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Manahen ... foster-brother to Herod, or nursed with the same milk. (Witham) --- It would appear from his having been brought up with Herod, that he was of noble parentage. He is likewise believed to have been one of the seventy-two disciples. The Latins keep his feast on the 24th of May. (Calmet)
As they were ministering to the Lord. Mr. N. and some others translate, offering up sacrifice. There are indeed good grounds to take this to be the true sense, as the Rhemish translators observed, who notwithstanding only put ministering, lest, (said they) we should seem to turn it in favour of our own cause, since neither the Latin nor Greek word signifies of itself to sacrifice, but any public ministry in the service of God; so the St. John Chrysostom says, when they were preaching. (Witham) --- Separate me. Though Paul and Barnabas are here chosen by the Holy Ghost for the ministry, yet they were to be ordained, consecrated, and admitted by men; which loudly condemns all those modish and disordered spirits, that challenge and usurp the office of preaching, and other sacred and ecclesiastical functions, without any appointment from the Church. (Bristow) --- Consider, says St. John Chrysostom, by whom they are ordained: by Lucius, of Cyrene, and Manahen, rather than by the Spirit. The less honourable these persons are, the more signal is the grace of God."
Ministrantibus illus, Greek: leitourgounton de auton.
Fasting and prayer, imposing their hands upon them. By which is clearly expressed, the manner in which the ministers of God were, and are still ordained bishops, priests, deacons in the Church. (Witham) --- Interpreters are much divided in opinion, whether this imposition of hands be a mere deputation to a certain employment, or the sacramental ceremony, by which orders are conferred. Sts. Chrysostom, Leo, &c. are of the latter opinion; nor does it any where appear that St. Paul was bishop before this. Arator, sub-deacon of the Church of Rome, who dedicated in the year 544 his version of the Acts of the Apostles into heroic verse to Pope Virgilius, attributes this imposition of hands to St. Peter: ----------Quem mox sacravit euntem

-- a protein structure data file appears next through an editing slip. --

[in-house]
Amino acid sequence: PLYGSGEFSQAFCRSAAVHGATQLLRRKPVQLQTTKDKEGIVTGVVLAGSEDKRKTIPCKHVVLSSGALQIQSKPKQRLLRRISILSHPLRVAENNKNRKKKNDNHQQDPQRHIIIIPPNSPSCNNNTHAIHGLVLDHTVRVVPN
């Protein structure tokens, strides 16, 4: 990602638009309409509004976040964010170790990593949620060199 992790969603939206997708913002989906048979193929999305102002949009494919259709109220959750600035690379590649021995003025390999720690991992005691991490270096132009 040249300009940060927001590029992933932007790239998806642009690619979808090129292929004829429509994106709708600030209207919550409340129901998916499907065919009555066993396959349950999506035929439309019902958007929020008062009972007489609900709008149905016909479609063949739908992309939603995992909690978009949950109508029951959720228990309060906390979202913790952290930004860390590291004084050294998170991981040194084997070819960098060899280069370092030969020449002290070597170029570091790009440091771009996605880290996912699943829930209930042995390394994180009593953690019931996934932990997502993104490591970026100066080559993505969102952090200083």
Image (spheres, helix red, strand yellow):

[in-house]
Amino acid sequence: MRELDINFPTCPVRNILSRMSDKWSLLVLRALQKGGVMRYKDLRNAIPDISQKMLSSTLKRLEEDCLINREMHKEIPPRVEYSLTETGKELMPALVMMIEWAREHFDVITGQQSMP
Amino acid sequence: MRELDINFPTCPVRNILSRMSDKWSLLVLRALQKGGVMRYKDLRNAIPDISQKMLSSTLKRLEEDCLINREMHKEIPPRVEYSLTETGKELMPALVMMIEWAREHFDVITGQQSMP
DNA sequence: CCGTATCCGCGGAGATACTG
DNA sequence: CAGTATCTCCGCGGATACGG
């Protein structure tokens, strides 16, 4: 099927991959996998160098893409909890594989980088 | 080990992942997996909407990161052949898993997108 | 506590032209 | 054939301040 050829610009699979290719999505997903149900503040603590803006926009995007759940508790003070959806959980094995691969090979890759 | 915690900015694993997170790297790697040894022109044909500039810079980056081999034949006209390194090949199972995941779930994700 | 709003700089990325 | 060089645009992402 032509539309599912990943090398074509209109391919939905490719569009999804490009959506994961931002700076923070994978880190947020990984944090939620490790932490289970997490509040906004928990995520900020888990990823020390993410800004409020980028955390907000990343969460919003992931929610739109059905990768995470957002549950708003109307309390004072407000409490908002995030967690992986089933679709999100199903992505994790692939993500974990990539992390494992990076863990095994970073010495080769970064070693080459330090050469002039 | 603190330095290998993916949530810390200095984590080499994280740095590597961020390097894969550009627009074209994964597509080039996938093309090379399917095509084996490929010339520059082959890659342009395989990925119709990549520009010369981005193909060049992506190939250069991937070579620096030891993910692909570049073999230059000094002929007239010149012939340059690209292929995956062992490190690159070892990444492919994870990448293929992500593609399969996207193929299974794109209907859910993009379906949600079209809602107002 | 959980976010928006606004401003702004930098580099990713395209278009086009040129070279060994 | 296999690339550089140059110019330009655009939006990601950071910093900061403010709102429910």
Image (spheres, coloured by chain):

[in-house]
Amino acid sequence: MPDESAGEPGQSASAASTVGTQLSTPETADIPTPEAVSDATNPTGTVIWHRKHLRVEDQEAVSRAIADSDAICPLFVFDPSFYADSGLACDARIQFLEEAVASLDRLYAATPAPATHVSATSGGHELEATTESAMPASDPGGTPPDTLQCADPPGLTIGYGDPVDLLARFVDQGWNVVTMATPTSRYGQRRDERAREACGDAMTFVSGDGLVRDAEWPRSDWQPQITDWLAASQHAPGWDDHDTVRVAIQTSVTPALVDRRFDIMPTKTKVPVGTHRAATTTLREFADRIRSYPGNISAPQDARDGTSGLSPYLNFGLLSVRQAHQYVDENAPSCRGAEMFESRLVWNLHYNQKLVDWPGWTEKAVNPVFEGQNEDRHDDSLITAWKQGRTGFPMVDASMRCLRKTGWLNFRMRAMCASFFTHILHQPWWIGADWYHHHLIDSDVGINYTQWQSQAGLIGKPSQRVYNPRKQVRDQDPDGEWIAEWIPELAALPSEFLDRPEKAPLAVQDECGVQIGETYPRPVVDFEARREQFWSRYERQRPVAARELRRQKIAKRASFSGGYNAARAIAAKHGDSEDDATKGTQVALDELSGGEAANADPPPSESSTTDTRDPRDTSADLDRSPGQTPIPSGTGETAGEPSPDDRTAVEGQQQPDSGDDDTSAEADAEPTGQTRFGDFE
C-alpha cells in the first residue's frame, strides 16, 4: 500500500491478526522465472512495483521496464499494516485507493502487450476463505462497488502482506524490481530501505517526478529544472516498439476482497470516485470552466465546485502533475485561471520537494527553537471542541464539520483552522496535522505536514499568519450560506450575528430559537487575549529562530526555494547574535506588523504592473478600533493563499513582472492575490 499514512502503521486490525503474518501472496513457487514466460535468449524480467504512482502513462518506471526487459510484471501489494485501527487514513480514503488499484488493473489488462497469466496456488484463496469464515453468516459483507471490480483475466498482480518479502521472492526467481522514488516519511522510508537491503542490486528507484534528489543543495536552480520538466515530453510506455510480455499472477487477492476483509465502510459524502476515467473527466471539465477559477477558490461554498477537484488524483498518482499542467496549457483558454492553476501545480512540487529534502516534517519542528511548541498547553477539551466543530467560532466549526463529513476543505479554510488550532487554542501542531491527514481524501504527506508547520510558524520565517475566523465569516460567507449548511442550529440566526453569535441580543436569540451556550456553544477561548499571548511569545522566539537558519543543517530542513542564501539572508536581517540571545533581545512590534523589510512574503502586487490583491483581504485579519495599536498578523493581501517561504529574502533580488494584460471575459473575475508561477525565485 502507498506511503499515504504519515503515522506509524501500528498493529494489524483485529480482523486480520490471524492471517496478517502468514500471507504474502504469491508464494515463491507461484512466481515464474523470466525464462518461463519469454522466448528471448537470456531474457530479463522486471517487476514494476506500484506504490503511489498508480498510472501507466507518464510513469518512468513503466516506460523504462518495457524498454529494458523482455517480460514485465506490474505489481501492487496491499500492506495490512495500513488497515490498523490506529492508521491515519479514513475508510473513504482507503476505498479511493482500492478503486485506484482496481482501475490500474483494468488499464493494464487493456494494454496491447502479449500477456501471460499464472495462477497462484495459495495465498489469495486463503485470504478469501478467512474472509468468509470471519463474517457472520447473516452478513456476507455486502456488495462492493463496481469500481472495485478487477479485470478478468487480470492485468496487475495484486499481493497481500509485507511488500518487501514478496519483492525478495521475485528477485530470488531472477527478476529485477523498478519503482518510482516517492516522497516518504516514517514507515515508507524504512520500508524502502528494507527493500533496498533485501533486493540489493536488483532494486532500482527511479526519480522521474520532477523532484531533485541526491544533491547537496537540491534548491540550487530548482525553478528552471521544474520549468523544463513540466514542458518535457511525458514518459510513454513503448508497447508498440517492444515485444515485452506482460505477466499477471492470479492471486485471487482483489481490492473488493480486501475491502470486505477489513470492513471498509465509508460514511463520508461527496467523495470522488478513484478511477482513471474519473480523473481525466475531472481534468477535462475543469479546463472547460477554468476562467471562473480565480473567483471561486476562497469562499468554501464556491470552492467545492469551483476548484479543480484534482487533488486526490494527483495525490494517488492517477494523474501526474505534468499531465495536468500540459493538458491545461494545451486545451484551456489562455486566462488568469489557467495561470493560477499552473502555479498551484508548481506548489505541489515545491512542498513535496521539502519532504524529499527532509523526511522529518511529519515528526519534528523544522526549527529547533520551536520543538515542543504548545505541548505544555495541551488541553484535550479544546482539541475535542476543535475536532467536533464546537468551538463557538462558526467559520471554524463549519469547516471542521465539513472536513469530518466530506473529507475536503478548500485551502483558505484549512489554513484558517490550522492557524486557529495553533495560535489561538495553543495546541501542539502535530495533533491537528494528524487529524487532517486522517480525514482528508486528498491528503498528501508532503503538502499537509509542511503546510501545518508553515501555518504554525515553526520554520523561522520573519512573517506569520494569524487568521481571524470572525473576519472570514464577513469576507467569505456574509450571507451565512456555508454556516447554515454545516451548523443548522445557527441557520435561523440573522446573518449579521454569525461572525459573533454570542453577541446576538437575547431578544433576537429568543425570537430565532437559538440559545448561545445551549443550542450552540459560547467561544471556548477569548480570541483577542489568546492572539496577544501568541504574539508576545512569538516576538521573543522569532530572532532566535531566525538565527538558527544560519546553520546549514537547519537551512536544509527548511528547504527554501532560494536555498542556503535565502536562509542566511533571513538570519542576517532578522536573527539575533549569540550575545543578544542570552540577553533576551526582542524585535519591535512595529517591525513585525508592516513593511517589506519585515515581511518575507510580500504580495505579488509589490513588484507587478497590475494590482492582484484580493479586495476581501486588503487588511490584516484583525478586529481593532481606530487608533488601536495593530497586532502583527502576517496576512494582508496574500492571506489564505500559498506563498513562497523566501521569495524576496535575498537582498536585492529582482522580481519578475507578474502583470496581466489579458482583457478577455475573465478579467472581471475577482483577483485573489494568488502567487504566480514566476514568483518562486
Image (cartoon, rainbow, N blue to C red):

Imposita Petrus ille manu, cui sermo magistri
Omnia posse dedit.----------
--- See his printed poems in 4to. Venice, an. 1502. Arator was sent in quality of ambassador from Athalaric to the emperor Justinian. --- Following the practice of the apostles, the Church of God ordains a solemn and general fast on the four public times for ordination, the ember days, as a necessary preparation for so great a work, and this St. Leo calls also an apostolical tradition. See St. Leo, serm. ix. de jejun. and ep. lxxxi. chap. 1. and serm. iii. and iv. de jejun. 7. mensis.--- Nor was this fasting a fasting from sin, as some ridiculously affirm, for such fasting was a universal obligatin: nor was it left to each one’s discretion, as certain heretics maintained. See St. Augustine, hæres. iii.
In the synagogues of the Jews, preaching first the gospel ot them. (Witham)
A magician ... whose name was Bar-jesu, son of Jesus, or Josue. In Arabic, Elymas is the same as magician. This man did all he could to dissuade the proconsul, Sergius Paulus, from embracing the Christian faith. (Witham) --- Salamina was the capital of the island of Cyprus, and at the eastern extremity, as Paphos was at the western. A. D. 45. [the year A.D. 45.]
Then Saul, who also is Paul. This is the first time we find the apostle called Paul. Some, therefore, think it was given him when he converted this proconsul, Sergius Paulus. Others, that Saul being a Hebrew word, the Greeks, or rather the Romans, turned it into Paul. (Witham) --- This is the first place in which this apostle is called Paul. He took this name out of respect to the illustrious convert he had made in the person of the proconsul, the governor of the island. (Menochius) --- Or, more probably, his former name, by a small change, was modelled into Paulus, which was a sound more adapted to a Roman ear. He begins to bear this name only, when he enters on his mission to the Gentiles. (Calmet)
Son of the devil. Sharp language, when grounded on truth, may be used against those who hinder the conversion of others. St. John Chrysostom says, he was struck with this blindness only for a time, to make him enter into himself, and be converted. (Witham)
Antioch. Many cities in Asia Minor bore this name. It is related that Seleucus Nicanor built many, and called them by this name, in honour of his father Antiochus. (Tirinus) --- Pamphylia and Pisidia were two provinces in Asia Minor. --- The sabbath-day. Some not only understand, but even translate, the first day of the week: but here is rather meant the Jewish sabbath, as St. Paul went into their synagogues. And in this his first sermon to them, which St. Luke has set down, he speaks nothing that could offend or exasperate the Jews, but honourably of them, to gain them to the Christian faith; he commends in particular David, whose Son they knew the Messias was to be: and of whom he tells them, that God had given them their Saviour, Jesus. He mentions this high eulogium, which God gave of David, Psalm lxxxviii. 21. that he was a man according to God’s heart, who in all things should fulfil his will, that is, as to the true worship of God; though he fell into some sins, of which he repented, and did penance. (Witham)
These seven nations are the Chanaanites, the Hethites, the Hevites, the Pherezites, the Gergesites, and the Jebusites, and the Amorrhites. (Josue iii. 10. and elsewhere)
Chronology only gives about 350 years from the entrance into the land of promise to the end of Samuel’s judicial government, who was the last of the judges. (Bible de Vence)